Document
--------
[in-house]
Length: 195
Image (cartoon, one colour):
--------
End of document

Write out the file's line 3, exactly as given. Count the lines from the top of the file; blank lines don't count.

Image (cartoon, one colour):